Article

Understanding type 1 diabetes through genetics: advances and prospects

Departments of Pediatrics and Human Genetics, McGill University, Montreal, Québec, Canada H3H 1P3. Constantin.
Nature Reviews Genetics (Impact Factor: 39.79). 11/2011; 12(11):781-92. DOI: 10.1038/nrg3069
Source: PubMed

ABSTRACT Starting with early crucial discoveries of the role of the major histocompatibility complex, genetic studies have long had a role in understanding the biology of type 1 diabetes (T1D), which is one of the most heritable common diseases. Recent genome-wide association studies (GWASs) have given us a clearer picture of the allelic architecture of genetic susceptibility to T1D. Fine mapping and functional studies are gradually revealing the complex mechanisms whereby immune self-tolerance is lost, involving multiple aspects of adaptive immunity. The triggering of these events by dysregulation of the innate immune system has also been implicated by genetic evidence. Finally, genetic prediction of T1D risk is showing promise of use for preventive strategies.

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    • "DN is a common complication of type 1 and type 2 diabetes , which have been associated with very distinct disease risk loci [Figure 2 and reviewed in Ntzani and Kavvoura (2012), Polychronakos and Li (2011)]. Results of genetics studies are extensively discussed in two recent reviews (Gu and Brismar, 2012; Palmer and Freedman, 2012), we therefore will focus only on the genetic association of ELMO1, CNDP1, and FRDM3 loci with DN risk, as they were detected in both GWAS and candidate gene approach studies. "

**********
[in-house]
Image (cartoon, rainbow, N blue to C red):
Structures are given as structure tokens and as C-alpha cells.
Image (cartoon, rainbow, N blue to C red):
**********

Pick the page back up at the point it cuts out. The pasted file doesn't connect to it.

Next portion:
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    Frontiers in Pharmacology 12/2013; 4:159. DOI:10.3389/fphar.2013.00159 · 3.80 Impact Factor
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    • "The main determinant of risk of developing CD is the HLA DQB1*02-DQA1*05 (HLA-DQ 2.5) haplotype and for T1DM both the HLA DRB1*03-DQB1*0201 and DRB1*04-DQB1*0302 (DR3-DQ2.5 and DR4-DQ8) haplotype [31] [32]. Our data confirm the high prevalence of HLA-DQ 2.5 haplotypes in patients with both T1DM and CD [7] [33]. "
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    • "The aforementioned T1D therapies are directed only at the consequences of the disease rather than the causative agent(s). While the ultimate cause of T1D is not currently defined and is likely multifactorial [5], T cells specific for islet antigens are the proximate cause of β cell destruction. Diabetogenic T cells that have been inappropriately activated and allowed to escape central and peripheral tolerance mechanisms (possibly due to assistance from aberrant innate cells [6]) have been implicated in β cell damage in both the nonobese diabetic (NOD) mouse and the human form of disease. "
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